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Well, I promised Shorty that I would build one
of his PDRacers and join the fleet for some of the races to
be held in this area. I didn't think it would take too long
and besides it looked like fun. I just got a new set
of tools (on John Cupp's advice) which included a brad driver,
so I figured I would use that for really speedy construction
I decided to use Yellow Pine plywood for the boat
since it is a little tougher than Lauan. In the photo below,
I have marked out the rocker of the sides and have a batten
sprung to mark a fair curve.
I decided to use the PL Concrete Crack & Masonry
Sealant as I had heard Mike Goodwin recommend it, and it seemed
to be all the local HD had in stock.
Here, I use the Delta brad driver to attach the
chine log to the side. The tool worked great, but I did have
to use a drywall screw or two, especially at the ends.
After the sides and the bulkheads were assembled,
I started sticking stuff together. I dry assembled each joint
first with drywall screws, then opened them up and caulked.
I started with the forward bulkhead....
...Then went on th the bow transom. Notice the
clamp holding the sides in position so that I could get it in
place. This job could have used a helper.
The PL does not set up too quickly, but I had
to get the bottom on before I left it in this stage:
To put the bottom on, I turned the side and bulkhead
assembly over and put a bead of PL on the transom...
...then I held the bottom down with my knee while
I put a couple of drywall screws through it into the transom.
That done, I propped the bow end of the bottom piece up so that
I could caulk the rest of the mating areas:
After everything was ready, I removed the prop
and let the bottom down to it's proper postion and got busy
with a few more screws and about a million brads. This was a
full sheet of ply and I went back later with the cordless saw
that came with the Delta Six-Pack and trimmed it off.
I chose to make a polytarp balanced lug for the
sail on this boat partly because I was familiar with it and
partly because I knew it would not require a very long mast
or spars. I glued up a 2-1/4" x 2-1/4" blank about
12 feet long for the mast out of some clear Southern Yellow
Pine I had lying around. That happens to be a piece of 2 by
and a piece of 1 by. It had a bit of a curve in it after the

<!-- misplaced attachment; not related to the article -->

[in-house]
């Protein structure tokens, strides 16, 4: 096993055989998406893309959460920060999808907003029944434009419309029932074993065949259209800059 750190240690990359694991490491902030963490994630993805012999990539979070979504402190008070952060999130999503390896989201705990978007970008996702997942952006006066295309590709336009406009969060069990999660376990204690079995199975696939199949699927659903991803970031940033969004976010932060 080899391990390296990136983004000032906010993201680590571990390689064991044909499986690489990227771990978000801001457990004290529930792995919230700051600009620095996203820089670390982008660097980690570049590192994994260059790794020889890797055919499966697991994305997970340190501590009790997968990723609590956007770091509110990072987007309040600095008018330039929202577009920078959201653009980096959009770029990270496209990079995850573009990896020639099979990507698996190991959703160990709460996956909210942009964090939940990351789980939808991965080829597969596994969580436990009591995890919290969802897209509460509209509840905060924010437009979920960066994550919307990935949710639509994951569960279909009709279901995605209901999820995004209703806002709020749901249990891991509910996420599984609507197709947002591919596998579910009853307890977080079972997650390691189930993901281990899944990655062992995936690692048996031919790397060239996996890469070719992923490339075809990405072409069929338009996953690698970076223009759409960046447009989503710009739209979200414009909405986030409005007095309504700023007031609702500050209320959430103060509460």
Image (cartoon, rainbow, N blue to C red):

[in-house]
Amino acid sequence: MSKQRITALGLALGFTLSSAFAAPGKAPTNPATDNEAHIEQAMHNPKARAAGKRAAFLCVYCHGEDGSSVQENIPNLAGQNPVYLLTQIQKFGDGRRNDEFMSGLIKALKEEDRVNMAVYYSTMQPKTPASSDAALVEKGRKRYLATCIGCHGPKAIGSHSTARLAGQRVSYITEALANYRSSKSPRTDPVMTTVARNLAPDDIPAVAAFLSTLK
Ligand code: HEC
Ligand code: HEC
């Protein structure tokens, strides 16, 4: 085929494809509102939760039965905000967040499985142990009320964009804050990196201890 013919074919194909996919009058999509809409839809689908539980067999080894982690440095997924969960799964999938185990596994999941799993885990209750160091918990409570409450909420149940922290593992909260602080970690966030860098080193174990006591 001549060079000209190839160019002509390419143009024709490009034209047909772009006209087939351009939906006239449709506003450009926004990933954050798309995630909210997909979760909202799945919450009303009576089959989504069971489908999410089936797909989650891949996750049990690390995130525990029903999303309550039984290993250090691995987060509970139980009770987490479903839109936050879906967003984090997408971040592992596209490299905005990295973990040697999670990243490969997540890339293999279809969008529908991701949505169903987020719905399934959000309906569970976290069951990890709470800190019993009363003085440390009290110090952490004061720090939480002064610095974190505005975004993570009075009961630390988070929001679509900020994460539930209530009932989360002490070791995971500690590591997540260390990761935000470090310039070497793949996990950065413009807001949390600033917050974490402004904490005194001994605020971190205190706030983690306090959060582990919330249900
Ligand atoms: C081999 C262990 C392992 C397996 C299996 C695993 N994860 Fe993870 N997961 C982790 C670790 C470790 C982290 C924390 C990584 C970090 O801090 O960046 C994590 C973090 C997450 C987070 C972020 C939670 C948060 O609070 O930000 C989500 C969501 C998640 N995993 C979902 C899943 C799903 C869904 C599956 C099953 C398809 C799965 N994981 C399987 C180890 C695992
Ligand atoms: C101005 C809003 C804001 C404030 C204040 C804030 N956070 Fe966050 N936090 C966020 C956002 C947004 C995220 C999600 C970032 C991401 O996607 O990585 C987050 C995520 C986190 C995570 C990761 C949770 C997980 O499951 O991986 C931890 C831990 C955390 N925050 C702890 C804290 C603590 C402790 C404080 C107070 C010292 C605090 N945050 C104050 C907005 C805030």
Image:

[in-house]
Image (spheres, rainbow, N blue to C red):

glue had set up, so I tapered it by taking off the concave side
of the curve. This made it pretty straight.
In the next picture, I am marking for the champfer
which will make the stick eight sided:
Here I am using the Delta saw to cut one of the
corners off the mast blank. I should say that this set of tools
has proved to be quite useful. The quality is excellent and
the price reasonable. The other tool that I really like from
the set is the cordless sabre saw. With a good blade, this thing
really does cut - not on a par with a good corded model, but
it is so handy that I use it all the time.
The main reason I wanted to make a round mast
was to try out a trick that I had heard about on a discussion
group: turning a sanding belt inside out and using a drill to
finish the rounding process. After I sawed the corners off,
I used a hand plane to approximate a round shape. After it was
about 32 sided or so, I cut a disk of wood about the size of
the mast, put a 3/8" bolt through it and chucked it in
the drill. It would only spin in the belt which sanded the disk
rather than the mast. I figured that I needed more friction
on the driver than the mast, so I made a larger disk and bingo!
It worked like a champ:
For this job, you need a drill with some guts.
A slow speed model is good too. I happen to have two work benches
in my shop, each with a 4" vise. I clamped the blank in
both of these for stability and ran up and down it with stops
to rotate. I found it quite easy to keep the belt centered on
Shortly after finishing the boat, I went to Conroe
for my first race. In this picture, I am rigging things up.
You can see the darts in the sail - a-la Jim
Michalak - but I think they went a bit too far into the
center of the sail. I got some shape, but perhaps a bit much
for the conditions. It was quite blustery that day, gusting
in the 20's anyway, and I later broke my leeboard and capsized.
That whole miserable story is told by Shorty.
As you can imagine, the sailing was fun in those
conditions. I made my boat with less freeboard with the idea
of having better upwind performance than the others and beating
them all! In the weather that day, I just got wetter than the
rest - both by capsizing and from water coming over the sides,
bow and stern in the choppy water.
Oh well, there is another race this Saturday and
I have a brand new leeboard.......